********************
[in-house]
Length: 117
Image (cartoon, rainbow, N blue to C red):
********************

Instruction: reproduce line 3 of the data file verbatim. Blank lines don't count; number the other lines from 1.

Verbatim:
Image (cartoon, rainbow, N blue to C red):